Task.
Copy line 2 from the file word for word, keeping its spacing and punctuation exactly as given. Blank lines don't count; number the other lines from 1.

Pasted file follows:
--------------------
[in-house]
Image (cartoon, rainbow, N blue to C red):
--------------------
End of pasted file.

Image (cartoon, rainbow, N blue to C red):